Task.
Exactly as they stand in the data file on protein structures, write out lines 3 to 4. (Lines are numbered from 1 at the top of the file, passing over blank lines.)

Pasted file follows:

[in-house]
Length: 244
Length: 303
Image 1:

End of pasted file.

Length: 303
Image 1: